Academic journal article Electronic Green Journal

Review: The Daily Globe; Environmental Change, the Public and the Media

Academic journal article Electronic Green Journal

Review: The Daily Globe; Environmental Change, the Public and the Media

Article excerpt

Review: The Daily Globe; Environmental Change, the Public and the Media Joe Smith (Ed.) Reviewed by Ryder Miller San Francisco, California, USA Joe Smith (Ed.). The Daily Globe: Environmental Change, the Public and the Media. London: Earthscan Publications, 2000. ISBN 1-85383-664-8 (paper); ISBN: 85383-669-9 (cloth). US$25.00 paper; US$69.95 cloth. Elemental chlorine-free paper

Confronted with a lack of trust from the public, sometimes questionable corporate news sources, complex scientific environmental issues, and the dynamics of the news industry; environmental journalists struggle to maintain credibility and direction while they remind the public that adjustments need to be made to sidestep potential world disasters.

In The Daily Globe, editor Joe Smith, a lecturer in geography in the Faculty of Social Sciences at the Open University and co-director at the Cambridge Media and Environmental Programme, has collected more than 15 papers which examine the difficulties United Kingdom environmental journalists face while covering the environmental beat on their mission of keeping the public informed.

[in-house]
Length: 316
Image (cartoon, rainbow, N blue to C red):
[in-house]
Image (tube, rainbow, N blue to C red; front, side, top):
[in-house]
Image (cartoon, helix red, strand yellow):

The chapters fall under four sections: I. Global Environmental Change, the Public and the Media; II. Reporting Global Environmental Change; III. Understanding Environment, the Public and the Media; and IV. Making the Environment News. Memorable chapters include: "'Other' Cultures, 'Other' Environments and the Mass Media" by Graham P. Chapman; "Communicating Complexity and Uncertainty: a Challenge for the Media" by David Gee; and "Politics, the Public and the Environment" by The Rt. Hon John Gummer MP (former UK Secretary of State for the Environment). There is also a two-page list of acronyms used. Some of the issues examined are those relating to the Brent Spar oil spill, the workings of individual media sources and particular environmental issues like global warming, sustainable development, and Frankenstein foods.

Understanding and working with the many concerned parties is a challenge for the environmental journalist. The degree to which journalists are distrusted in the UK is a huge hurdle. Robert M. Worcester in his chapter "Public and 'Expert' Opinion on Environmental Issues," (chapter 4) points out, "journalists have the trust of fewer than one person in five, and rank even below politicians. …

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